Content starts here

Experts Discuss Digital Divide, Answer Listeners’ Questions During AARP Tele-Town Hall

En español | The pandemic cast a spotlight on the need for high-speed internet — for everything from accessing health care to working from home and connecting with friends and family. But nearly 22 million American older adults lack broadband access at home, according to an AARP report.

Experts who spoke at an AARP tele-town hall on June 22 discussed ways to close the digital divide and urged listeners to tap into new federal resources aimed at addressing the problem, such as the AARP-backed Affordable Connectivity Program.  Funding for the federal program, which offers a discount of up to $30 a month toward high-speed internet access for people with lower incomes, was included in the bipartisan infrastructure bill signed into law in 2021. The law also includes funding to expand high-speed internet to underserved areas and increase digital literacy skills so individuals can fully take advantage of the technology.

“High-speed internet is not a luxury. It’s a necessity,” Nancy LeaMond, AARP’s executive vice president and chief advocacy and engagement officer, said during the virtual event. “It increases health care options and economic opportunity and decreases feelings of isolation.”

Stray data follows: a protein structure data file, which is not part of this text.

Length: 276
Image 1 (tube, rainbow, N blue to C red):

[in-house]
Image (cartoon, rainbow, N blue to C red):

Angela Siefer, executive director of the National Digital Inclusion Alliance, which advocates for broadband access, said “more people are paying attention” to the digital divide since the pandemic, but available resources are inconsistent. If she “had a magic wand,” every community would have programs that help residents sign up for affordable internet service, get the device they need and learn digital skills, she said. 

Those looking for help should ask their local library, senior center or community center if computer classes are offered or if a “digital navigator” is available to get them connected, she told a caller. Senior Planet from AARP also offers free online assistance.

Siefer joined Stephen K. Benjamin, White House director of public engagement and former mayor of Columbia, South Carolina, and Bryan K. Barnett, mayor of Rochester Hills, Michigan, and past president of the U.S. Conference of Mayors, in answering listeners’ questions during the hour-long event.

Listen to a recording and read more about the Affordable Connectivity Program and how to sign up.

Search AARP Blogs